But His Emails: Why Donald Trump Jr. Released His Russia Correspondence

Over the past several days, Donald Trump Jr., the son of President Donald Trump, has come under fire from the media over a series of emails he published on Twitter.

The emails showed that Trump Jr., along with Trump’s son-in-law Jared Kushner and then-Campaign Manager Paul Manafort, took a solicited request to try to gain damning evidence against Hillary Clinton from Rob Goldstone, a Russian pop star’s publicist.

Not only did the meeting occur, but Trump Jr. expressed his interest in helping his father win the presidency through these means, telling Goldstone “I love it” if he had anything to aid in defeating Clinton.

In June 2016, when the general election was still in its infancy, Trump Jr., Kushner and Manafort met with Natalia Veselnitskaya, a Russian lawyer with a complicated background who claimed to have dirt on Clinton. However, the meeting bore no fruit, and Trump Jr. since claimed its intentions had nothing to do with Clinton whatsoever.

That led to Trump Jr.’s explanation that he committed no wrongdoing, since he gained nothing from his interactions.

What ended up becoming a lost story in this saga, though, is what prompted Trump Jr. to release his email chain in the first place. The New York Times had planned to run a story on this same email chain, but after the New York Times requested comment from Trump Jr. about it, he decided to publish his emails on his own accord.

How the Times gained access to these emails is unknown.

Some pundits across the media landscape couldn’t believe that Trump Jr. published this information — and not just that he did it on Twitter, but also voluntarily.

The story dominated headlines throughout the week, mostly because the media and public had not forgotten how much weight Trump put on his opponent’s emails during the presidential race.

It also amplified Trump’s firing of former FBI Director James Comey, which he mentioned at the time was partly to bring less attention to the Russia investigation. Special prosecutor Robert Mueller continues to investigate Trump for possible obstruction of justice from his firing of Comey.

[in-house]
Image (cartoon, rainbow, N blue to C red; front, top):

Trump Jr. appeared on “Hannity” Tuesday night to explain himself, which his father also praised.

Questions still abound as to Trump’s knowledge of this meeting and whether he had anything to do with, or even knew about, its planning.

Later that week, word emerged that the White House was “paralyzed” by Trump Jr.’s email publication. Vice President Mike Pence apparently didn’t know this was coming either.

Among the biggest ramifications of Trump Jr.’s meeting is that there is now solid evidence that high-ranking members of Trump’s election team attempted to “collude” with Russia during the presidential campaign, something which Trump had previously denied.

And, on a more ironic note, it brings into question the weight that Clinton’s email scandal should bear in hindsight, if these Trump Jr. emails are what they seem.

Trump Jr.’s future is uncertain for right now. Iowa Sen. Chuck Grassley, a member of the Senate Judiciary Committee, will ask Trump Jr. to testify before Congress about the interactions disclosed in the emails. Trump Jr. has yet to reply, at least publicly, but that may not stop Congress from looking further into the matter.

Trump spent the week away, for the most part, going between the end of the G20 summit and a personal invitation from French President Emmanuel Macron to attend Bastille Day festivities. As for Trump Jr., he hasn’t responded to the allegations since his “Hannity” appearance.

Ultimately, what’s come of these revelations so far is a question of whether Clinton or Trump Jr. will go down in history for having the more significant email scandal. Until more details emerge about Trump Jr.’s visit with the Russians, though, nobody will know for sure.

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